HomeQ&Aword order in English

word order in English

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I am looking for some information about the word order in a sentence in English. But I don't like the information found on the Internet. I would like to know some information or if you know some links. Thank you.

2815 views
updated FEB 7, 2011
edited by ian-hill
posted by nila45
It should be I don't like Doesn't is third person singular - BellaMargarita, SEP 12, 2009

8 Answers

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www.ego4u.com/en/cram-up/grammar/word-order. wink

updated FEB 7, 2011
posted by ChamacoMalo
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Adjective order is not absolutely fixed but the general sequence is:

  1. Determiner - are words such as a, an , the, this, that.
  2. Opinion - ugly wonderful
  3. Size - big small huge
  4. Age - old new ancient
  5. Shape - round square flat
  6. Colour - red green
  7. Origin - Bolivia England
  8. Material - leather wool stone metal and then the Noun we are describing
updated OCT 10, 2009
edited by ian-hill
posted by ian-hill
Wonderful Ian - 00494d19, OCT 10, 2009
Gracias - ian-hill, OCT 10, 2009
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I've never seen anything except for general remarks contrasting how Spanish syntax is much more flexible than English syntax.

In English most of our declarative sentences are SVO or subject, verb, object (complement). (active voice)

John hit the ball.

Most interrogative questions are reversed, OVS.

What did John hit? (which can awkwardly be stated as John did hit what. If we wished to changed it back to a declaration. (SVO).

OVS is also used for passive voice.

The ball was hit by John.


Spanish, however, uses SVO, VSO,OVS, and with it's redundant object pronouns, also, SOV for declarative statements. Using the passive "se" it can even use the SVO order for stating things passively.

Juan envió la carta. (SVO)

Envió Juan la carta. ( VSO)

Lo envío Juan. (OVS)

La carta fue enviado por Juan. (passive) OVS

Se habla español aquí. (Spanish is spoken here, passive) OVS. or (one speaks Spanish, impersonal.) (SVO)

You can figure out the arrangement with the duplicative object pronouns. Suffice it to say that it's not the normal English pattern.

Maria lo pegó a Juan. (it's SOV or SVO depending on whether you consider the lo or Juan to be the object.)

Technically I think lo is the object and Juan is a clarifier, but a non-natives would probably say Juan is the object and the lo is just a duplication, but I think that's a language viewpoint difference)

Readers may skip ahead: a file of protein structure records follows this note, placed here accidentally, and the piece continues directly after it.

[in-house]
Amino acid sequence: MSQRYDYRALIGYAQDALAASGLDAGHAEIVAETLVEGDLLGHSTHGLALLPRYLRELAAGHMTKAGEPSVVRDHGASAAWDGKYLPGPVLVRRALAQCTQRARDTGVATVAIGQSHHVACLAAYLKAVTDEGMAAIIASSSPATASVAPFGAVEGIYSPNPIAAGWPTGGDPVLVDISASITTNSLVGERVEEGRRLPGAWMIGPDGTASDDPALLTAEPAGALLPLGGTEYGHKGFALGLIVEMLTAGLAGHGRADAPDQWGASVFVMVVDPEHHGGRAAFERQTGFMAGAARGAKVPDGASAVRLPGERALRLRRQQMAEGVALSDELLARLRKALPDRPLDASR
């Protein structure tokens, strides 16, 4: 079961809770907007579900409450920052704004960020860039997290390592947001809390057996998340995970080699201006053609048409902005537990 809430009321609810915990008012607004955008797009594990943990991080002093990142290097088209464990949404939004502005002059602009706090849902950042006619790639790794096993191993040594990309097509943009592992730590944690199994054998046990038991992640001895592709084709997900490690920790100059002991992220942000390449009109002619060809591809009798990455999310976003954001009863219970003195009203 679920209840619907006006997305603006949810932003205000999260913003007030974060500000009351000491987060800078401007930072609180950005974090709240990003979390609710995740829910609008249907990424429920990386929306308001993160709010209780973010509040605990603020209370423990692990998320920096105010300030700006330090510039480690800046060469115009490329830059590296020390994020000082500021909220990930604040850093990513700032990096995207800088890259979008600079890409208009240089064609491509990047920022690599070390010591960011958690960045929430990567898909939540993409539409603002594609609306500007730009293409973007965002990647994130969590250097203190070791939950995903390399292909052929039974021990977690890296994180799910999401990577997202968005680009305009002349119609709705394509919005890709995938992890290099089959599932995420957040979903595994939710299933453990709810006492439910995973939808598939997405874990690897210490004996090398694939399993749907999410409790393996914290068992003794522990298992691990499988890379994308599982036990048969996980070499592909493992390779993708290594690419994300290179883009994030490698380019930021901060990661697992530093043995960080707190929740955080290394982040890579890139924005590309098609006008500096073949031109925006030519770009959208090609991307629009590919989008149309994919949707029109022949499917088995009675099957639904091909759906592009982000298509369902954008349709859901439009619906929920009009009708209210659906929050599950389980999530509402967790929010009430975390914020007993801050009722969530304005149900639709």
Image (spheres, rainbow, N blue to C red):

Needless to say, Spanish is more flexible in it's syntax than English.

updated SEP 12, 2009
edited by 0074b507
posted by 0074b507
She is not asking about Spanish - BellaMargarita, SEP 12, 2009
You are right. Well, never mind. - nila45, SEP 12, 2009
"The ball was hit by John" is still SVO. The subject in that sentence is "the ball." - Jason_Bryant, SEP 12, 2009
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I think the "rules" presented there are only generalizations.

I bought it quickly is probably the best way to state it, but I quickly bought it wouldn't even raise an eyebrow.

The same with She carefully lit her cigarette. She lit her cigarette carefully would not raise any objections.

Phone the police immediately...

Immediately phone the police... (preferable) No difference to my ear.

There are many situations where the placement of the adverb might change the emphasis or meaning of the sentence, but, in general, we throw in adverbs wherever.

The only practical "rule" that I have seen is that you place it as close to the word that it modifies as is possible to avoid any doubt about which word it is modifying..

updated SEP 12, 2009
edited by 0074b507
posted by 0074b507
You see?. We obviously didn’t speak the same language. Now, it is better. - nila45, SEP 12, 2009
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Aha! I have just found something what I was looking for.

This is the link: http://www.mansioningles.com/gram31.htm

And this is the part of the information which I am most interested in.

Adverbios con objeto directos

Los adverbios no suelen colocarse entre el verbo y el objeto directo. El adverbio se coloca detrás del objeto directo o delante del verbo.

I bought it quickly.

Lo compré rápidamente.

She carefully lit her cigarette.

Ella encendió su cigarrillo cuidadosamente/con cuidado.

Pero, cuando el objeto directo es muy largo, se pone el adverbio delante.

Phone the police immediately and tell them everything you saw outside the bank.

Llama a la policía inmediatamente y diles todo lo que viste fuera del banco.

If you think, you can contribute with your ideas or explanations about this matter, I would like to know them.

updated SEP 12, 2009
edited by nila45
posted by nila45
0
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Generally, adverbs come after the verbs they modify

updated SEP 12, 2009
edited by BellaMargarita
posted by BellaMargarita
Some of them do, but not all. You can always "easily forget" things but you can only ever "remember things well." - Fredbong, SEP 12, 2009
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Well, the position of adverbs (manner, time, place, ...)

updated SEP 12, 2009
posted by nila45
0
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Is there anything specific that you would like to know?

updated SEP 12, 2009
posted by Jason_Bryant
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